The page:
"If it were the other way around I'd probably [think] she's got everything given to her and that is partially true, so I'm not going to be angry at people that judge me in the same way." - Pebbles Hooper.
Pebbles Hooper says her childhood was one that was full of incredible experiences. After school hours were spent etching drawings into her parents cutting room table in their Auckland workroom. It was, she says, a privileged life behind the scenes of the fashion industry.
Producer and presenter Sonia Sly met up with Hooper to find out why she's terrified of destroying a precious portrait that was given to her by a well known New Zealand artist, the downside of getting caught up in social media wars and her recent love of... goats for the RNZ podcast series Just One Thing.
It's a bright sunny day in Auckland and I've arrived early to meet Hooper, the former Herald gossip columnist and outspoken daughter of the founders of New Zealand fashion label, WORLD.
The doe-eyed 27-year-old is casually dressed in a leather jacket and loose trousers with her dark, straight hair framing her face.
Hooper who runs her own online clothing store is warm, friendly and candid. To look at her you wouldn't know that she's mixed race - her dad, designer Frances Hooper, is Chinese and she lights up when she talks about spending time in Hong Kong over the years.
"I've always loved Chinese culture and it's more ingrained since I travelled there," says Hooper.
While she might be the daughter of famous New Zealanders Hooper has made a mark on the world of social media, and at times, has got herself into hot water. The designer puts her outspoken attitude down to being brought up to "not giving a f&*%" about what anyone else thinks. Her dad, in particular, left a big impression on her.
"[Dad] had knee-length peroxide blonde hair when he was my age living in London and he used to wear the craziest shit...he just doesn't care about what other people think...that's what I've learnt from him."
Last year, Hooper got caught up in a social media feud with comedienne, Rose Matafeo, over comments made about a Pasifika-inspired dress worn by dancer Parris Geobel at a music awards ceremony. The next day the story broke in the media.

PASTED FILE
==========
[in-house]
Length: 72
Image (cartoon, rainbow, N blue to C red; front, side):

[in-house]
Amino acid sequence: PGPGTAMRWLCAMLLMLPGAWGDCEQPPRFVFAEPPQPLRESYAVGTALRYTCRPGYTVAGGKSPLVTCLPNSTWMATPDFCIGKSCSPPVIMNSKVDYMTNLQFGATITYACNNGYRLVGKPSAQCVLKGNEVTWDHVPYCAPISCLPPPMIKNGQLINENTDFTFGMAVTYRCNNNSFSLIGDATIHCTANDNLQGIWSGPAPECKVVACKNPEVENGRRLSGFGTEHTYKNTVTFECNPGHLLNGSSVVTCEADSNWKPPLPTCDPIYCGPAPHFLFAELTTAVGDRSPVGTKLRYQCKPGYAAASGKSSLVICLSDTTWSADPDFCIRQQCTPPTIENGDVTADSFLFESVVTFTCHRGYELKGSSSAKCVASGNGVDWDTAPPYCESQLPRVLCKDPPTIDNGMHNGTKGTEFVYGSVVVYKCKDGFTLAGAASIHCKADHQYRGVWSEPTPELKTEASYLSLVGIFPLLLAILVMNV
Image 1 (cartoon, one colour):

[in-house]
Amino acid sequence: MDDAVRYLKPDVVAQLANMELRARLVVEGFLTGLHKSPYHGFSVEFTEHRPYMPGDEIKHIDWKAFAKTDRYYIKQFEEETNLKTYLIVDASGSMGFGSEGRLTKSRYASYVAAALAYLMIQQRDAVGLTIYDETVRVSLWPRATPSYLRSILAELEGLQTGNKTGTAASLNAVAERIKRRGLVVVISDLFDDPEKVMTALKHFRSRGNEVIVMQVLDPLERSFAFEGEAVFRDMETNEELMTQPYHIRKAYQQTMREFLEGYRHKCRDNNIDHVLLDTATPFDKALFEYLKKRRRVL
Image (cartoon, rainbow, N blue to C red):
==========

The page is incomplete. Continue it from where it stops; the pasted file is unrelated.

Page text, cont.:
"In terms of the things that I've said, it's not that I regret thinking it, I just regret saying it because often you say things and then you've got to fight tooth and nail to not get completely crucified online."
Tension and a tinge of passion rises in her voice. She's exasperated as she recalls the incident where Matafeo called her out for being a racist.
"Using racism as a stepping stone to criticise another person is almost the same as saying in an argument that I'm a woman and I'm offended. You don't make yourself a victim in order to win," Hooper says.
Is Hooper just misunderstood? Maybe. Being an opinionated woman in the land of a long, white tall poppy isn't easy, and it's meant that she has been dragged through the coals and into a barbed wire fence in the process. The question is, why are people so interested in what she has to say?
"They're not. They're just bored," says Hooper. "My opinion is useless. I'm not a politician...it doesn't really matter."
But there's always a price to be paid. Facing the fallout and seeing her name in newspaper headlines hasn't been fun and games. It's taught her a very valuable lesson that sometimes you just have to let things lie.
"It's like the gremlin. If you give it water it'll turn into a demon, but if you just leave it, it stays as it is."
The designer knows that social media isn't territory that anyone should step into lightly, given her experience of getting carried away in the past over things that she wasn't even passionate about.
"I can't give my life experience to strangers looking inwards...I've learnt a good lesson in that what other people think of you isn't your business."
She even advises her friends to stay away.
"I've told some of [my friends] that they can't go on twitter because their jobs are just too important."
Listen to the podcast to hear Hooper share her love of a precious portrait by her favourite Kiwi artist, life growing up in the fashion industry and why it's acceptable to not like everyone you meet.